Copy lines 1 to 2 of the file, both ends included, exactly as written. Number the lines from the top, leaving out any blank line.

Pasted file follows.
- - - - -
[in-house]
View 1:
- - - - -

[in-house]
View 1: